I'm out.

I know that nature has a way of taking care of itself, but even knowing that one of these snakes is non-venomous creates a whole new batch of nightmare fuel for my delicate little brain to process.

Nooooooope.

A California man was able to capture this classic example of "only the strong survive" in his garage, which involved a non-venomous King Snake going all Diners, Drive-Ins and Dives on a Rattlesnake. Yep: CANNIBAL SNAKES OF THE APOCALYPSE! Which is also a great name for a death metal band.

I'm sorry, but if I see THIS in my garage, I'm burning it right to the freaking ground.

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Apparently, however, it's not uncommon for King Snakes to treat young rattlesnakes as appetizers, even here in West Texas. According to Wikipedia, Texans are more likely to encounter the Desert King Snake, which, unless provoked, are usually docile when they come into contact with humans. When they encounter rodents or other snakes, however, it's the freaking Hunger Games:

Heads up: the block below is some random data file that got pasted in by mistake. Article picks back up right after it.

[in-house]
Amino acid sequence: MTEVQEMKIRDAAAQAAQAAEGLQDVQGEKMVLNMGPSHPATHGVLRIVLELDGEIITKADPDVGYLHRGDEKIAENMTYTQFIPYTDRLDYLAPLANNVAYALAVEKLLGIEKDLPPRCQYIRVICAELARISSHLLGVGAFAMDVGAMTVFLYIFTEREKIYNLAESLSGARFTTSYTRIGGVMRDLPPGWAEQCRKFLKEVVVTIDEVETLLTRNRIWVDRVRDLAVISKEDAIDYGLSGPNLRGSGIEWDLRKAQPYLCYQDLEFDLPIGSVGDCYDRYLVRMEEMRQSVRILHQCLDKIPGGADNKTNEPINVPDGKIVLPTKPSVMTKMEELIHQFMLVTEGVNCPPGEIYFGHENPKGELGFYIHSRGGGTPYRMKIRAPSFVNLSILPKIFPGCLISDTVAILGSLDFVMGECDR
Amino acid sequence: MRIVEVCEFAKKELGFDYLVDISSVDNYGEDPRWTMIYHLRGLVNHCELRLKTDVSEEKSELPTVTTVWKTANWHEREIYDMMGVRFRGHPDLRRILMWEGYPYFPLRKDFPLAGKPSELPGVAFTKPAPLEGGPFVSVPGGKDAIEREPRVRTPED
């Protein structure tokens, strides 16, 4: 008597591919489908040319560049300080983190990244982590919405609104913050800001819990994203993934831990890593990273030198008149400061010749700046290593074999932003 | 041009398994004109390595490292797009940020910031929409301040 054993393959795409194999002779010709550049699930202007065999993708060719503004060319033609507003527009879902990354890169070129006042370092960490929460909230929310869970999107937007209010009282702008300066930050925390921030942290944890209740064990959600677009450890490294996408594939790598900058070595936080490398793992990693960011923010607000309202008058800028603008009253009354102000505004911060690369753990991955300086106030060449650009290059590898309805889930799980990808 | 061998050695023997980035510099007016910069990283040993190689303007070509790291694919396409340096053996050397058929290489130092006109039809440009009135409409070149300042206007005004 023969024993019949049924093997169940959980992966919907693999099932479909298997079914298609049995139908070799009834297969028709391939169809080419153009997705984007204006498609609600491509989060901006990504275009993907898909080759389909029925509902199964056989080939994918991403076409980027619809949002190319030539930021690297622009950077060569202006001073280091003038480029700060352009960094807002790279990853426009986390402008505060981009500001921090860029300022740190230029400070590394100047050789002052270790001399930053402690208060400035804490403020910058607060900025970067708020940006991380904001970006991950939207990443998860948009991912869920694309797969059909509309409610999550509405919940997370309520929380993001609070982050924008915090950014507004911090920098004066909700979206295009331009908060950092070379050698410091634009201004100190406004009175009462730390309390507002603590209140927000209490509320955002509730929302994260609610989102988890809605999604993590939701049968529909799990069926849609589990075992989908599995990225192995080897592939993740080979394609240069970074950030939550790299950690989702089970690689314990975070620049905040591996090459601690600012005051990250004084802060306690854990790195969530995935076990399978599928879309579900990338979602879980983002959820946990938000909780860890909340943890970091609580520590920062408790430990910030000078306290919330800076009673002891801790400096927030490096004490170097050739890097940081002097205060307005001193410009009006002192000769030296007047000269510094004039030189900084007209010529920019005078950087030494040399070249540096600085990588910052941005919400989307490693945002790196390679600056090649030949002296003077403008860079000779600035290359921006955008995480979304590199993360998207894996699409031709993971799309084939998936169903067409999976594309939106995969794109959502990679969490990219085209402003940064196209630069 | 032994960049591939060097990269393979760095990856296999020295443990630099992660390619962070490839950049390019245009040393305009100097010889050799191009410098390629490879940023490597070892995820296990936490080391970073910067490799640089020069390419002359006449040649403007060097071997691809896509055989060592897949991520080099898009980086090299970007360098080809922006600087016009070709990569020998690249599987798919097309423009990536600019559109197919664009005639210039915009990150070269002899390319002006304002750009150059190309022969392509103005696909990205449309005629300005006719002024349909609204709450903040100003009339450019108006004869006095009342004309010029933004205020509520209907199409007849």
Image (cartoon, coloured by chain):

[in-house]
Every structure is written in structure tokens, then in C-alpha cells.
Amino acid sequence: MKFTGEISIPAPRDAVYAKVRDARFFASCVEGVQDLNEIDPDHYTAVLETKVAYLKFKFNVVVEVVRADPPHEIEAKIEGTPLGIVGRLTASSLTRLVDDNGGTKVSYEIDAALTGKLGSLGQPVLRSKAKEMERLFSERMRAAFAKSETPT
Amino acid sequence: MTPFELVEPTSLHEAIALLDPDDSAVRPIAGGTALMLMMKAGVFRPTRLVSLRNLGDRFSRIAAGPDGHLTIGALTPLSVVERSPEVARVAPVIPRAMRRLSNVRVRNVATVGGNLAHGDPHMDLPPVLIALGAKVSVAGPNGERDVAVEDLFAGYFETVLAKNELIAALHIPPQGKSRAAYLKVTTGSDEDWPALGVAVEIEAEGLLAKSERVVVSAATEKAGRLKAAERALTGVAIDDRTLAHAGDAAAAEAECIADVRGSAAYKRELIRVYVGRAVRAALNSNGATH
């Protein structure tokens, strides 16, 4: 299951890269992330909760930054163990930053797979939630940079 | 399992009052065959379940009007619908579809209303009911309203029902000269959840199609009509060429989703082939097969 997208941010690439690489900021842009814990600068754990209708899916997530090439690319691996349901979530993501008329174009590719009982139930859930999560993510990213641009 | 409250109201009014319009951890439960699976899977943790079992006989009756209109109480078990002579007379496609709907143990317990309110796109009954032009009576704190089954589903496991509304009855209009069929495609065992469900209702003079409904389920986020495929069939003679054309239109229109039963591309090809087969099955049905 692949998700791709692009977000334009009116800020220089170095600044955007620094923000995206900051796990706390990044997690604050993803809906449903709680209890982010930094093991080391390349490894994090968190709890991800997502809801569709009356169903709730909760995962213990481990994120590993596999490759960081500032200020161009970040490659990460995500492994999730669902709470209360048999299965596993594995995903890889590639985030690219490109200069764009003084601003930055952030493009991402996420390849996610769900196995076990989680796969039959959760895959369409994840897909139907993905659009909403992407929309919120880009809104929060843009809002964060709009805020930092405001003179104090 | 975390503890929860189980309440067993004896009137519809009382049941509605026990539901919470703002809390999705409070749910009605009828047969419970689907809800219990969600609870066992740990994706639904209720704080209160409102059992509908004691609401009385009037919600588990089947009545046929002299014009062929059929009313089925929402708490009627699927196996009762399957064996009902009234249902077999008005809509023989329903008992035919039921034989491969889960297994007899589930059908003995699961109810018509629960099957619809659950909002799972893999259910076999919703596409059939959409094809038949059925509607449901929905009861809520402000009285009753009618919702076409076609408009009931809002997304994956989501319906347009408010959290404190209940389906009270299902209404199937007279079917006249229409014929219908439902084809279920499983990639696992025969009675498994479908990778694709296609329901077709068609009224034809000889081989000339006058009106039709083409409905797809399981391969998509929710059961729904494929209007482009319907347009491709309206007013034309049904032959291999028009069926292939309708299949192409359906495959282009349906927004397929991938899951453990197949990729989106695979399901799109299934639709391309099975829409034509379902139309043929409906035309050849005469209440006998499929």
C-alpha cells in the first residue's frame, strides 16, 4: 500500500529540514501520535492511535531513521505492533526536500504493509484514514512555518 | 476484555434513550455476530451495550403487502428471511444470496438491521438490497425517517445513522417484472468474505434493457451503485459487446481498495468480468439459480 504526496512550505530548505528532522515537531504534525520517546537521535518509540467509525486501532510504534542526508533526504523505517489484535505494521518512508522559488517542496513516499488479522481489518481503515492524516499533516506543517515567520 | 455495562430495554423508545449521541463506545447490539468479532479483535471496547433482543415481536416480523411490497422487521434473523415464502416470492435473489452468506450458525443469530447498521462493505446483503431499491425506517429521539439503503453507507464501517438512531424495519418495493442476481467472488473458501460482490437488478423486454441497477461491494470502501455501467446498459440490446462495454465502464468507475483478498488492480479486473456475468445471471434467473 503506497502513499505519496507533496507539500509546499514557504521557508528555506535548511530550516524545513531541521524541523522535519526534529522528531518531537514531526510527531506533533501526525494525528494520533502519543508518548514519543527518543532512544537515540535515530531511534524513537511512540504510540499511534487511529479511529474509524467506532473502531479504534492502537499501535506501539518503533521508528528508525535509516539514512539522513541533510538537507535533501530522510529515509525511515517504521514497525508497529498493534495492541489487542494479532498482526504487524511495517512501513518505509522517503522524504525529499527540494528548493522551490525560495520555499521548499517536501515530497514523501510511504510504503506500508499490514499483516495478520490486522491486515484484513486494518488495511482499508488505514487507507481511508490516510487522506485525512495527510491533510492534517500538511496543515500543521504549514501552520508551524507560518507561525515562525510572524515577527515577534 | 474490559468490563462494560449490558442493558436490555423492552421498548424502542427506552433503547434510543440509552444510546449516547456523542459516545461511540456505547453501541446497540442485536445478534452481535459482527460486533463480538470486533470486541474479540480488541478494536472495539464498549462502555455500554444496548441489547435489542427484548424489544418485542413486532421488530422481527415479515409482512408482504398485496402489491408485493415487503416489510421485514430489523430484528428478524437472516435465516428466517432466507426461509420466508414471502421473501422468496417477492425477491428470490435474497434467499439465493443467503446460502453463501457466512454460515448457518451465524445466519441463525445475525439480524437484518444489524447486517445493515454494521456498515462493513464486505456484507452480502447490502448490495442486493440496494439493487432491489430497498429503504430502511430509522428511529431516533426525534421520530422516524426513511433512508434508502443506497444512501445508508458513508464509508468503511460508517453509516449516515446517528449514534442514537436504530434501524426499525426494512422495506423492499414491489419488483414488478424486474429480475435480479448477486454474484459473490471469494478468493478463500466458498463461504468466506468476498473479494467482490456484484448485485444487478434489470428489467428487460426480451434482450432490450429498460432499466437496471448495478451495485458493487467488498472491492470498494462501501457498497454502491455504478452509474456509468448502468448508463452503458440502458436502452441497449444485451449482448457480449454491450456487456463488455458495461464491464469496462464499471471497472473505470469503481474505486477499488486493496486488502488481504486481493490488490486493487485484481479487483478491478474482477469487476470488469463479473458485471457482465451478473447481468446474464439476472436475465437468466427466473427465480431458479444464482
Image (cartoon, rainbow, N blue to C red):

"This snake is known to be a powerful constrictor, and therefore its diet consists of mostly mice if domestic, and other rodents if wild. It also can feed on clutches of reptile eggs detected beneath the surface via smell. In part because of its resistance to pitviper venom, the desert kingsnake is able to consume young diamondback rattlesnakes that are common within its range..."

There are also stories of farmers who try to essentially domesticate the King Snake because it keeps crop-eating critters and other reptiles at bay. I don't reckon that the gentleman above knew that he had any snakes near his abode, but he may be happy that the king snake was there to run interference and force that rattler down his gullet.

So, if you have a king snake around, it's generally not a bad thing since they're a deterrent. Unless, of course, you have a cat or something. In that case, Muffy is probably going to kitty heaven.

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